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Rabat – According to astronomical calculations carried out by the Fiqh Council of North America, Ramadan 2021 will begin on April 13 in the US and Canada.
Ramadan, one of the holiest and sacred months in Islam, is the ninth month of the Islamic calendar. It gives Muslims the chance to do good deeds (hasanat) and focus on their commitment. The start date differs from one country to another depending on the visibility of the moon on the 29th night of each month.
In Ramadan, there are two main meals; suhoor is served and eaten before fajr (sunrise prayer), and iftar, is served and eaten after al-maghrib (sunset prayer). Typically, these meals are enjoyed in groups.
The holy month is marked by fasting from dawn until sunset and the taraweeh prayers that Muslims perform daily in the mosque in the evening after salat al ishaa (what’s this).
Taraweeh prayers are expected to start in the evening of April 12, the day before Ramadan begins.
In 2020, the US and Canada began fasting on April 24.
Last year’s Ramadan was unusual. Muslims globally were forced to perform their prayers at home and no family gatherings were allowed due to the COVID-19 pandemic.
Amid the COVID-19 vaccination campaigns launched by both countries, some may start wondering whether the vaccines invalidate the fast.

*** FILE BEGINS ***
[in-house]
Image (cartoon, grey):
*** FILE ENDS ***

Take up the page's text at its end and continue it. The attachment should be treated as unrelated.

The British Islamic Medical Association assured the Islamic community about taking the vaccine while fasting in a statement published on January 28.
The association stated,: “taking the COVID-19 vaccines currently licensed in the UK does not invalidate the fast, as per the opinion of Islamic scholars. Individuals should not delay their COVID vaccinations on the account of Ramadan.”
As of April 6, the US has vaccinated 107,515,428 people with the first dose, and 62,392,065 people have received the second dose. The US has recorded a total of 31,499,322 COVID-19 cases and 569,328 deaths.
Canada has given 5,836,927 people the first dose of the vaccine with 718,462 fully vaccinated against COVID-19.
Eid Al Fitr is expected to take place on May 13.
In Eid Al Fitr, Muslims gather in large open spaces (Musalla) or mosques for another special prayer, called Salat al-Eid.